As the second wave of COVID-19 pandemic hit Nepal, the number of confirmed cases rose exponentially. The transmission of the virus was faster as compared to the first wave which resulted in a shortage of essentials like Oxygen cylinders, ICU, ventilators, ambulances, and more. These shortages, limited infrastructure, and a lack of a standard technical framework to follow up and track the infected patient’s health status resulted in slower response and delays in curbing the spread of this second wave of infections.
In Tulsipur, authorities reported a severe lack of ability to take stock of the health status of individuals who have tested positive. As such the health system and the municipality were unable to provide timely services to people in need. In response, D4D Nepal proposed to develop the information system to trace the patients who tested positive and are currently in home isolation and provide sub-metropolitan cities with technical and human resource support. Open Knowledge Nepal was selected for the implementation.
The work officially started on 6th Jestha, 2078 with the mobilization of 10 volunteers in 5 groups after identifying the number of patients in each of 19 wards. The volunteers not only inquired about the health conditions of the patients but also about their needs for food, medicine, and counseling. All these issues were addressed with the coordination of local health officials, psychosocial counseling groups, donor agencies, and individuals from society. The Tole Level Organization (TLO) also got involved in the operation to provide information about infections and testing in their community. We penetrated up to the smallest part of society to gain information about infected patients and address their problems with the help of the Tulsipur Sub Metropolitan City and its subordinate bodies.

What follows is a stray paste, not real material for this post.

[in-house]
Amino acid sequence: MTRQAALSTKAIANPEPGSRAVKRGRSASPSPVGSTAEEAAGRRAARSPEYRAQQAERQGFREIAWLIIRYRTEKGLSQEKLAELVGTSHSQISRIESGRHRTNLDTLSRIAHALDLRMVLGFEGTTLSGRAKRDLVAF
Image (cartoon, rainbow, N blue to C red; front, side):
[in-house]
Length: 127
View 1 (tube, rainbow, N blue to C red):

Based on the traced data and information, the team monitored the situation and identified the cases where emergency actions were required, and reported the municipal COVID response team with the recommended actions on a timely basis. In total, 8178 phone calls were made and on average each patient got 5 to 6 follow-up calls until their recovery. The team identified 33 patients in need of oxygen, 5 in need of an ambulance, 59 in need of health facilities, 161 in need of medical counseling, and 81 in need of food. The timely identification, reporting, and response made the public feel like the Tulsipur Youth COVID Response team was with them at the time of the global crisis.
The project conceptualization phase finalized the project structure, teams, and communication channels that were required for implementation. The expected outcome was described as the four main deliverables of the project as:
- Development of Information System: The information system was developed to trace home isolated COVID patients. This information system was developed using easy, accessible tools like Google Sheets and Drive for data storage, retrieval, and update. Volunteers were mobilized to collect and store data in the sheets, they used phone calls to collect data on patients. The sheets were designed to collect data on the fields that can be used for the identification of emergency cases needing immediate actions as well as for future records. The creation of the fields in the sheets like the condition of mild or critical patients can help identify the case which may need immediate actions like ambulance service, oxygen services. Furthermore, the collected data can be subjected to analysis to help make effective responses.
- Mobilization and training of the volunteers: Mobilization and training of volunteers are yet another main aspects of the project. Enthusiastic individuals from Tulsipur worked for the projects whose role was to make follow-up calls to the patients, provide them with counseling, information and collect the status of the patients. This meant that the volunteers had to be adept in the technical skills of data collection, communication skills as well known and informed about the health counseling and information they had to provide the patients. The training and mobilization of the volunteers were done on those matters that helped in smooth operation and teamwork.